Los BuKnas de Culiacan in Shaul Schwarz’s NARCO CULTURA. Photo Credit: Shaul Schwarz Courtesy of: Cinedigm
Photo-journalist Shaul Schwarz spent many years in Mexico tracking and reporting the violence in Juarez. “Narco Cultura,” his first film, is a documentary exploring that violence and the pop culture glorifying the drug cartels responsible for the bulk of the crimes committed. It is a searing film, bringing the viewers up close to the aftermath of drug executions, drive-bys, mass murders and the collateral damage that accompany so-called targeted killings. In a span of only 6 or 7 years, since 2006, the homicides in Juarez went from approximately 350 per year to over 3,000 per year. In 2011, Juarez had the highest murder rate in the world.
It goes without saying that the increase in homicides is a direct by-product of the drug wars waged against the cartels by the government and by the cartels against other cartels. And none of these statistics address kidnapping and extortion as blood sports.
Schwarz’s stated intention was to demonstrate the pop-culture as illustrated by the new, very popular narcocorridos, songs glorifying the kingpins of the drug culture as Robin Hoods fighting against the oppression and greed of corrupt governments and corporations. And, horrifyingly, he makes his point in following an L.A.-based band as they travel the Southwest singing their ballads, many of which have been commissioned by minor drug lords to promote their activities and alleged supremacy. The following of Mexican American youth, gravitating to the exploits of dangerous criminals would be shocking if it were original. These young people, as seen singing along with the bands in clubs and makeshift concert halls, do not appear to be of a class of disenfranchised and disadvantaged youth. They seem to be cut from the same cloth as the youth who have embraced hip hop and cop-killer rap; admirers of the gangsta lifestyle. They are no different than an earlier generation’s embrace of Al Capone and the Purple Gang or Gotti or Joe Bananas. It is, nevertheless, horrific to hear the admiration of killers who, rather than the anti-establishment heroes they are portrayed, slaughter innocent men, women and children who may be in the wrong place at the wrong time or are crossing the street or buying groceries. Out of 3,000 mostly narco-related murders, a substantial number represent collateral damage.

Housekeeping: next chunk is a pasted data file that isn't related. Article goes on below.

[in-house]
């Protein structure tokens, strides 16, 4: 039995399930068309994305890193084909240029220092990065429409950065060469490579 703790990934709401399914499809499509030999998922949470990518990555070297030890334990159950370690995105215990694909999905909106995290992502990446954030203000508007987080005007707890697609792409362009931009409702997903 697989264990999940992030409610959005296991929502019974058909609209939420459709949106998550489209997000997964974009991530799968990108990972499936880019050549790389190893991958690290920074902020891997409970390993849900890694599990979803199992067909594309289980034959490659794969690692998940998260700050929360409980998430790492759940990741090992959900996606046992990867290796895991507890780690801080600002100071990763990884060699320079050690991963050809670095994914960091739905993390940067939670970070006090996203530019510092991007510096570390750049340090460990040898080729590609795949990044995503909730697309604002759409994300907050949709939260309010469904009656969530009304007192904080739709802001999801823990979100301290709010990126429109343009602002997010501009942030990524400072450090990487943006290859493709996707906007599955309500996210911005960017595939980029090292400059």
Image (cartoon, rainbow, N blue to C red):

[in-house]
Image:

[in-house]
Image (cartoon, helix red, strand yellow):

More chilling is Schwarz’s portrayal of the honest men and women of Juarez’s crime scene investigation investigators. These are the police who gather evidence in a fruitless search for solutions to the murders that keep coming without end. They are an endangered species and already within the last couple of years, four of the investigators in this department have been executed by the cartel; the chief having been given the choice between quitting or execution. He chose to quit. Riding along with one of the investigators, Schwarz sees first-hand the brutality results of the cartel’s indiscriminate targeting and the Sisyphean task at hand as “unsolvable” murder piles up against “unsolvable” murder.
These are the elements that make up “Narco Cultura” and they are also the elements that prevent it from having a greater impact. For although the lyrics of the narcocorridos is stomach-turning, the impact and implications of what they approve and encourage would have been far greater if Schwarz had more carefully structured his film. Certainly the emotional impact of what is seen on screen is powerful but it could have been more so and made a greater statement if he had had more focus in his storytelling. If, instead, he had made the investigator of the Juarez CSI his central character, following him (as he did) and telling the story of life in Juarez under the cloud of a cartel that kills indiscriminately and has shut down most of the downtown business district with its demand for “protection” money that exceeds the intake of such shops, the irony of celebrating narco kingpins as Robin Hoods would have been more dramatically stated.
The film, as it is, leaves you with a feeling of melancholy. But if Schwarz had shifted that focus as illustrated above, the audience’s sense of sadness and rage would have been elevated especially when reminded that it is the U.S. that is driving this culture of violence. Drugs are sent across the Mexican border and in return, the cartels receive billions of dollars in both currency and guns, further fueling the cycle.
See the film, hear the music and then reflect on your own views about the drug wars and the collateral damage, collateral damage that will eventually touch you if it hasn’t already.
Opening Friday December 6 at the Laemmle Royal and Playhouse 7 in Pasadena.